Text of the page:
In [16]: plt.figure()
Out[16]: <Figure size 640x480 with 0 Axes>

In [17]: ima2[5:25, 15:35].plot(colorbar='v',title = 'Zoom $\lambda$ = %.1f (%s)' %(cube.wave.coord(3000), cube.wave.unit))
Out[17]: <matplotlib.image.AxesImage at 0x7fe7010502b0>
_images/ObjFormatIma1.png _images/ObjFormatIma2.png _images/ObjFormatZommIma2.png

In the Image objects extracted from the cube, Image[p1:p2,q1:q2] returns a sub-image, Image[p,q] returns the value of pixel (p,q), Image[p,q] = value sets value in Image.data[p,q], and Image[p1:p2,q1:q2] = array sets the corresponding part of Image.data.

Finally, Cube[:,p,q] returns a Spectrum:

In [18]: spe = cube[:, 8, 28]

In [19]: import astropy.units as u

In [20]: from mpdaf.obj import deg2sexa

In [21]: coord_sky = cube.wcs.pix2sky([8, 28], unit=u.deg)

In [22]: dec, ra = deg2sexa(coord_sky)[0]

In [23]: plt.figure()
Out[23]: <Figure size 640x480 with 0 Axes>

In [24]: spe.plot(title = 'Spectrum ra=%s dec=%s' %(ra, dec))

In [25]: plt.figure()
Out[25]: <Figure size 640x480 with 0 Axes>

In [26]: spe[1640:2440].plot(title = 'Zoom Spectrum ra=%s dec=%s' %(ra, dec))
_images/ObjFormatSpe.png _images/ObjFormatZoomSpe.png

Getters and setters

Cube.get_step, Image.get_step and Spectrum.get_step return the world-coordinate separations between pixels along each axis of a cube, image, or spectrum, respectively:

In [27]: cube.get_step(unit_wave=u.nm, unit_wcs=u.deg)
Out[27]: array([1.25000000e-01, 5.55555556e-05, 5.55555556e-05])

In [28]: ima1.get_step(unit=u.deg)
Out[28]: array([5.55555556e-05, 5.55555556e-05])

In [29]: spe.get_step(unit=u.angstrom)
Out[29]: 1.25

Cube.get_range returns the range of wavelengths, declinations and right ascensions in a cube. Similarly, Image.get_range returns the range of declinations and right ascensions in an image, and Spectrum.get_range returns the range of wavelengths in a spectrum, as demonstrated below:

In [30]: cube.get_range(unit_wave=u.nm, unit_wcs=u.deg)
array([474.9890625 ,  10.46458228,  63.35455983, 934.9890625 ,
        10.46674895,  63.35676316])

In [31]: ima1.get_range(unit=u.deg)
Out[31]: array([10.46458228, 63.35455983, 10.46674895, 63.35676316])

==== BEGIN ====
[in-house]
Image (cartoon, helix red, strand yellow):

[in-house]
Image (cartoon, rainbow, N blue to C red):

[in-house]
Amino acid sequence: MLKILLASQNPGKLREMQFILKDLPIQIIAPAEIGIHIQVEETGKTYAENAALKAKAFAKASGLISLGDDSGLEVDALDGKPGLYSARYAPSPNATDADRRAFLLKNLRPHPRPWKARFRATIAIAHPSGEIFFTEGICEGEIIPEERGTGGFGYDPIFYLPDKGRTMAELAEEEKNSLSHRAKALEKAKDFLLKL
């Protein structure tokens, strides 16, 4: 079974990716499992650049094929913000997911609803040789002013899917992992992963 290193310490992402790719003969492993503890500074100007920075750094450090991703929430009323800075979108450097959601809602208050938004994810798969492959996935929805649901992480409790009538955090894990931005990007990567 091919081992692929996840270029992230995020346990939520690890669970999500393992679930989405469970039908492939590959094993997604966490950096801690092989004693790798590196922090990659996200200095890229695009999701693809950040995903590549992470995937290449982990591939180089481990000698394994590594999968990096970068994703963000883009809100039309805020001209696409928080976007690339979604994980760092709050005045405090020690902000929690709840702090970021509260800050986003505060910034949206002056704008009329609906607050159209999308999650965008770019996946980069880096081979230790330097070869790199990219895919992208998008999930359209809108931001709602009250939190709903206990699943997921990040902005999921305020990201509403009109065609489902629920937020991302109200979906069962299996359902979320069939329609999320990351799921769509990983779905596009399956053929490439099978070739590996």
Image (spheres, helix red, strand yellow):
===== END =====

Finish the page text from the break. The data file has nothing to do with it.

In [32]: spe.get_range(unit=u.angstrom)
Out[32]: array([4749.890625, 9349.890625])

The get_start and get_end methods of cube, image and spectrum objects, return the world-coordinate values of the first and last pixels of each axis:

In [33]: print(cube.get_start(unit_wave=u.nm, unit_wcs=u.deg), cube.get_end(unit_wave=u.nm, unit_wcs=u.deg))
[474.9890625   10.46458228  63.35676315] [934.9890625   10.46674895  63.35455983]

In [34]: print(ima1.get_start(unit=u.deg), ima2.get_end(unit=u.deg))
[10.46458228 63.35676315] [10.46674895 63.35455983]

In [35]: print(spe.get_start(unit=u.angstrom), spe.get_end(unit=u.angstrom))
4749.890625 9349.890625

Note that when the declination axis is rotated away from the vertical axis of the image, the coordinates returned by get_start and get_end are not the minimum and maximum coordinate values within the image, so they differ from the values returned by get_range.

Cube.get_rot and Image.get_rot return the rotation angle of the declination axis to the vertical axis of the images within these objects:

In [36]: cube.get_rot(unit=u.deg)
Out[36]: -0.0

In [37]: ima1.get_rot(unit=u.rad)
Out[37]: -0.0

Updated flux and variance values can be assigned directly to the O.data and O.var attributes, respectively. Similarly, elements of the data can be masked or unmasked by assigning True or False values to the corresponding elements of the O.mask attribute. Changes to the spatial world coordinates must be performed using the set_wcs method:

In [38]: ima2.data[0:10,0:10] = 0

In [39]: ima2.mask[0:10,0:10] = True

In [40]: plt.figure()
Out[40]: <Figure size 640x480 with 0 Axes>

In [41]: ima2.plot()
Out[41]: <matplotlib.image.AxesImage at 0x7fe700b4a250>